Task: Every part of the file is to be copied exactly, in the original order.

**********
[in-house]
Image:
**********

[in-house]
Image: